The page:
The world’s first air-mail service was started in India at Allahabad; on 18th Feb 1911 on the occasion of Kumbh mela
Regular airmail services were started by Tata Sons Ltd, between Karachi and Madrasand.
On 24th Jan 1920 Royal air force started regular airmail services
Urmila K.Parikh became the first Indian woman to get a pilot’s license.
in 1945 the Deccan Airways was founded – jointly owned by the Nizam of Hyderabad and Tata.Its first flight began in July 1946.
All the airway companies were nationalized in 1953 and were put under two corporations namely – Indian Airlines and Air India.
Air India provides international air services.
Pawanhans Helicopters Ltd. provides helicopter services to Oil and Natural Gas Corporation in its offshore operations, to inaccessible areas and difficult terrains like the north-eastern states and the interior parts of Jammu and Kashmir, Himachal Pradesh and Uttarakhand
Indian Railways is one of the largest PSU in the Country
The Indian Railways route length network is spread over 115,000 km, with 12,617 passenger trains and 7,421 freight trains each day from 7,349 stations plying 23 million travelers and 3 million tonnes (MT) of freight daily.
The first train ran from Mumbai to Thane in 1853, a distance of 34 km.
The northern plains because of its vast leveled land, high population density and rich agricultural resources worked as a favorable condition for their growth.
In the hilly terrains of the peninsular region, railway tracts are laid through low hills, gaps or tunnels.
Production of goods in large quantities after processing from raw material is called manufacturing
Manufacturing industries acts as a backbone for the development of a nation .
Relation Between Growth of agriculture and industries
The development of agriculture depend on the development of Manufacturing industries and both move hand in hand.
They depend on the latter for raw materials and sell their products such as irrigation pumps, fertilizers, insecticides, pesticides, plastic and PVC pipes, machines and tools, etc. to the farmers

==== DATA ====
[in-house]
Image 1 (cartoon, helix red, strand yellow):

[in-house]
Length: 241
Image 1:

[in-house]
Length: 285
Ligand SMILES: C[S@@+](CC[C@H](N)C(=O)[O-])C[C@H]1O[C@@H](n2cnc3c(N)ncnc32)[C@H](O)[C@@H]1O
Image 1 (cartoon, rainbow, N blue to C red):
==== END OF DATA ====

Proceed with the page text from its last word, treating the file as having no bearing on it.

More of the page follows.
For example the demand of a motor pump for agriculture leads to increase in the production of Motor pump.
The share in GDP by the manufacturing sector has remained stagnantin recent years which is a concern for the nation .
The growth rate is much lower in comparison to some East Asian economies, where the contribution of the manufacturing sector is 25 to 35 per cent.
The National Manufacturing Competitiveness Council (NMCC)has been set up as an effort by the Govt. to improve productivity, economists predict that manufacturing can achieve its target over the next decade.
Factors affecting location of an Industry
The location of an industry is affected by availability of raw material, labour, capital, power and market, etc.
It is not possible to find all the factors at one place so industries tend to locate at such a place so that most of these are available or at least these factors can be arranged at a minimal cost
Many industries tend to come together to make use of the advantages offered by the urban centres known as agglomeration economies. Gradually, a large industrial agglomeration takes place.
The population growth or population change refers to the change in number of inhabitants of an area or territory during a specific period of time.
This change may be positive as well as negative.
Population change in an area is an important indicator of economic development, social upliftment and historical and cultural background of the region
Components of Population Change
There are three components of population change – births, deaths and migration
Birth Rate – Expressed as number of live births in a year per thousand of population.
Death Rate – expressed in terms of number of deaths in a particular year per thousand of population in a particular region
Migration: Apart from birth and death there is another way by which the population size changes .who move out of a place are called Emigrants. People migrate for a better economic and social life.
Factors that influence migration
The Push factors make the place of origin seem less attractive for reasons like unemployment, poor living conditions, political turmoil, unpleasant climate, natural disasters, epidemics and socio-economic backwardness.
The Pull factors make the place of destination seem more attractive than the place of origin for reasons like better job opportunities and living conditions, peace and stability, security of life and property and pleasant climate.
Alpine Vegetation • Height: At high altitudes, more than 3600m above Mean Sea Level.
• Temperate grasslands & forests give way to alpine vegetation. • Trees:
1. Silver fir
• Trees get Stunted progressively as they approach snow line.
• Ultimately, through Shrubs & Scrubs, they merge into Alpine Grasslands
• At higher altitudes, Mosses & Lichens form part of tundra. Animals
1. Kashmir Stag (Hangul)→ State animal of Jammu & Kashmir(Critically endangered)
2. Spotted Dear (Chital)→ Jinke in Kannada
3. Wild Sheep
4. Jack Rabbit
5. Tibetan Antelope (Chiru) – Ladakh, India
• Mangrove tidal forests are found in the areas of coasts influenced by tides.
• Mud & Silt get accumulated on such coasts.
• Roots: submerged under water.